For many people, speaking in public is terrifying but speaking to a single person or small group of people is not frightening at all. For others, due to a disease, an injury or for some other cause, speaking to anyone might be just as frightening as speaking to a huge group is to most people.
People with speech disorders often struggle in social situations and have a greatly reduced quality of life, sometimes because of a condition that can be treated with the help of the speech pathologist.
What they do
Speech pathologists specialise in more than speech, though the name makes the discipline seem a bit restrictive. In addition to speech, they also work with issues related to oral motor skills, cognitive linguistic issues and other problems that greatly affect their patient’s lives.
These pathologists work directly with the patient to find ways that they can help to alleviate their issues. This means that the patient is getting tailored therapy that addresses issues specific to them, rather than a generic therapy that may or may not be beneficial. Speech pathologists go to great pains to make sure that the patients benefit from the course of therapy that the pathologist recommends.
Conditions they treat
There are many different reasons that somebody might have trouble with their oral motor skills. In some cases, the problems arise from throat or oral cancer that was treated successfully, but that left damage in its wake. For example, some people who have had throat cancer successfully treated may have a very raspy, harsh voice that makes them a bit insecure about speaking to people that they don’t know.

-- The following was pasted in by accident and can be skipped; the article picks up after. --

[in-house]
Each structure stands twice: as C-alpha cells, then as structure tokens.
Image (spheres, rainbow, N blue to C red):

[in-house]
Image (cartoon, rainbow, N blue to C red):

A speech pathologist will work with such individuals to help them regain a voice that gives them confidence. They can help with more than this, however. Some of the same conditions and injuries that end up causing trouble with speech also cause trouble with swallowing, breathing and so forth. Neurological conditions can also lead to issues and speech pathologists can help people who suffer from these conditions and who want to regain their ability to speak properly.
Not everyone is going to get their original voice back and, in fact, people who have suffered a great deal of damage to their throat or mouth are likely to always have somewhat of an altered voice. Getting the confidence back that comes with being able to speak clearly and intelligibly, however, can mean a lot to people and help them to re-establish themselves socially and, of course, to simply be better understood.
Who else might be involved
People with speech issues quite frequently have accompanying hearing issues. In such cases, the speech pathologist may work with an audiologist so that they can both combine their knowledge and skills to come up with an effective treatment for the patient. By having hearing problems addressed, the patient can hear speech better and, possibly, hear their own voice better, which can help them speak more clearly. By having their speech issues addressed, the patient can be sure they are not only heard, but understood.
Whether people are young or old, difficulty speaking can create a great many issues socially. It’s important to try to address these issues and, in many cases, a speech pathologist may be able to isolate issues, devise a way to treat those issues and, in doing so, help the person to finally feel confident about their voice and to be understood by the people they speak to. It can be a long road for patients who have severe speech and oral motor skill issues, but it is certainly worth the effort to have one’s voice back.